One of the things we loved about the conference was how so many of our speakers shared stories of their own histories and families and how those shape the work they do. We heard about Amahra’s granddad, and Eli’s aunties, and the way in which those influences shaped their conceptions of liberation and collective thriving. So much philanthropic practice is designed to distance funders from the people doing the work: power dynamics abound about whose knowledge matters, and whose judgement counts. What would need to change for funders and investors to feel a more embodied connection to the purpose of their work, and a more visceral sense of urgency about the change that’s needed? How can funders and investors address the inherent power and privilege of their positions, without freezing and getting stuck in that work?

The problems you’re getting drawn to solve are often the same ones that you need to address internally. You need to do the internal work as well as supporting others.
Farah Elahi, Greater London Authority

The dilemma of language: nuance and precision versus accessibility

Across the event, the question of language came up frequently. We think there are a few things to untangle here. First, to notice how uncomfortable we can find it to feel that we don’t understand something, or to be confronted by something that doesn’t make sense. But that discomfort is part of the work of unlearning and relearning. We really notice the role language plays in either keeping people within familiar mental models, or asking them to step beyond them. Sometimes it’s important to use new or precise language to help with this task, and to introduce nuance and discernment. For example, ‘reform’ and ‘modernism’ have different roots and quite distinct significance to transformation and liberation. That said, language can also be a tool of exclusion, and a means of hiding a lack of rigour behind unnecessary complexity. We think this is a dilemma to navigate. We want it to be an explicit part of the conversation as we move forward.

Unlearning everything you’ve been taught to do in order to succeed is challenging, emotionally and intellectually. It requires a network to sustain you while you’re going through it, otherwise you’ll abandon the journey.
Laurence Mayer, Digital Freedom Fund

How can we connect this emerging agenda to wider investment practices?

We would have loved to have more people from the wider worlds of asset management and investment advice in the room last week. Most of the discussion around investment was centred on the investment and spending of philanthropic endowments; that is a drop in the ocean compared to the investment activities of pension funds and other major asset holders. Our ambition is to build more connections between these worlds, and to think about how philanthropic practice might be a vanguard for that wider activity. What might all the things we discussed at the conference mean for financial regulations and duties that shape wider investment decisions? How could our work around ways of redirecting capital and power flows influence those?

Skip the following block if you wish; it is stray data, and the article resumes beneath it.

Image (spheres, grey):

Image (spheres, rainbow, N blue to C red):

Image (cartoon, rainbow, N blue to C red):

We need to have a very strong bias of responsibility to transcend status quo logics. How do we hold ourselves accountable to, first and foremost, higher order accountabilities such as future generations?
Jayne Engle, Participatory Canada, and author of Sacred Civics

How can we continue to hold a space that values plurality and tries to make sense of it?

We wanted to lay out a wide range of different practices, approaches, communities and networks at the conference: we hoped that each individual panel would offer a compelling story, and that we could show how each element was part of something bigger. We need all of us. We need to fund the movements work and the infrastructure work. We need to fund the healing work and the innovation work. We need to fund the hard and hidden wiring and the more intangible work of narratives and culture-making. We need to fund policy and regulation work and the new alternatives. We also need to fund the ‘systems readiness’ - the conditions for change. Pockets of these practices have been happening for years but we hoped that by combining them at the conference, we began to bring a sense of new potential. How can we hold on to that need for plurality and avoid the temptation of searching for a silver bullet?